COL11

Huitaca

Huitaca is sourced from smallholder farmers from Colombia’s most famous coffee-growing regions.

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Quick Facts

Country: Colombia
Farmer: Various smallholder farms
Varietal: Various
Processing: Washed
Altitude: 1300-1700 metres above sea level

Tasting notes:

Hazelnut, Caramel & Cherry

Brewing method:

Brews well in all brew methods, but especially well as a light espresso, on Aeropress or as pour-over.


More About
Huitaca

This coffee is sourced from fully traceable cooperatives, associations, and direct partners located across Colombia’s most famous coffee-growing departments. It displays a distinctive combination of body and bright acidity, exotic, fruity, and subtle floral notes.

Every bag of Huitaca purchased contributes to sustainability projects in partner communities. These include rural school improvements, post-harvest training for specialty production, clean water access for communities, and agroforestry improvements for farms in the supply chain.

The beans are sourced from smallholder farmers from Colombia’s most famous coffee-growing regions. The farmers typically use the traditional Fully washed method of processing. Cherry is selectively handpicked and then pulped, usually on the farm. After pulping, coffee is fermented in tanks for 26 to 36 hours. Then, parchment is washed in clean water and laid on parabolic beds to sundry for up to 20 days. We pay a premium for sun-drying, and for overall quality, to help producers remain sustainable.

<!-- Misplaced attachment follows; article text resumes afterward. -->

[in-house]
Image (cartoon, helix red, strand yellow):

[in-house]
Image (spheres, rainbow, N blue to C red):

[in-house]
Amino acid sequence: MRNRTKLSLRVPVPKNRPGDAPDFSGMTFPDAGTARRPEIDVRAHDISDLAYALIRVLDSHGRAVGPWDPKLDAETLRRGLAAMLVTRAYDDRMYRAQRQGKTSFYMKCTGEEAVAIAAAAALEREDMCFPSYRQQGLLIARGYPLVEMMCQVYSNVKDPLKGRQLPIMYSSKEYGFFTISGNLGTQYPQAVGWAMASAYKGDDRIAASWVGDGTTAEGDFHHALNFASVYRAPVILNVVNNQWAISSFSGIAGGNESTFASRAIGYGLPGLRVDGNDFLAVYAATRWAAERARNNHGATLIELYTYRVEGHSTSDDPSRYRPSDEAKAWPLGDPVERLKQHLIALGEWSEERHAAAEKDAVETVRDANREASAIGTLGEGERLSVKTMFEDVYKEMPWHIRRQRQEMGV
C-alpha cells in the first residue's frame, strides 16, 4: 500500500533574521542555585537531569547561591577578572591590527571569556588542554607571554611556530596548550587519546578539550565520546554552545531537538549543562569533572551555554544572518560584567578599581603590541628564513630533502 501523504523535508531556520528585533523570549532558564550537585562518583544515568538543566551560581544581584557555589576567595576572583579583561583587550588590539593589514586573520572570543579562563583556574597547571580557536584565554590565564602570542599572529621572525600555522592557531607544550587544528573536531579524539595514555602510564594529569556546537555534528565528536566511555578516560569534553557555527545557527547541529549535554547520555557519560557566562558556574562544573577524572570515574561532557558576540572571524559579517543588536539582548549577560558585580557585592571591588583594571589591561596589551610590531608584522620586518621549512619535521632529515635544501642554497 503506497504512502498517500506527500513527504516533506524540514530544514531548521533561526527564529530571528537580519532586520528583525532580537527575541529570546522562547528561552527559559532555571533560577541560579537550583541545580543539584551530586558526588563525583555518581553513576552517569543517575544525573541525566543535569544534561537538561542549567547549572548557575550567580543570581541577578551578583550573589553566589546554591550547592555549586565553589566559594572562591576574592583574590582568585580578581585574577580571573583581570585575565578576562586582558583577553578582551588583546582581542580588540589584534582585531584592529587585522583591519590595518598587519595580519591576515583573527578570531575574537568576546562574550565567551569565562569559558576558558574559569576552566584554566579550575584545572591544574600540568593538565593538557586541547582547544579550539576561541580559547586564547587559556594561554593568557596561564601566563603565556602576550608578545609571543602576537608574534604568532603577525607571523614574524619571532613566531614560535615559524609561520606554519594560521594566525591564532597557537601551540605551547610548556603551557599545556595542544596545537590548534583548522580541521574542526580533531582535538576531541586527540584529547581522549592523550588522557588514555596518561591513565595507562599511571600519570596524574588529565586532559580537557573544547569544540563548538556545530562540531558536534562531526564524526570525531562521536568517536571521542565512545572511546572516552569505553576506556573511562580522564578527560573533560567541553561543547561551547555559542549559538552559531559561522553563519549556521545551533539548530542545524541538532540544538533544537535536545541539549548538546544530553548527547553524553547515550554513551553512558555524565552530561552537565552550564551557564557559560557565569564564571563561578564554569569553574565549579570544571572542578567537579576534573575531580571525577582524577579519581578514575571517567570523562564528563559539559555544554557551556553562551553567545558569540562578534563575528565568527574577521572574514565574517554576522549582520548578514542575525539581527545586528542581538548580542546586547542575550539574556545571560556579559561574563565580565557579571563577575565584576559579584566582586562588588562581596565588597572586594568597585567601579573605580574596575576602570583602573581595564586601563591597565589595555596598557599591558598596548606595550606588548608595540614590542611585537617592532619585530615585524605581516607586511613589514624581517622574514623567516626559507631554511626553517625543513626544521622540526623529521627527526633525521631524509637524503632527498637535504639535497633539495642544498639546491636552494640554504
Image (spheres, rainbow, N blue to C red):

Coffee in Colombia

Colombia has been producing and exporting coffee renowned for their full body, bright acidity and rich aftertaste, since the early 19th century.

Colombia boasts a wide range of climates and geographic conditions that, in turn, produce their own unique flavors in coffee. This also means that harvest times can vary quite a bit. In fact, between all its different regions, Colombia produces fresh crop nearly all year round.

The increasing focus on the specialty industry is changing the way traders and farmers do business. It is becoming more common for farmers to isolate the highest quality beans in their lots to market separately. These higher quality lots are often sold under specific brands or stories.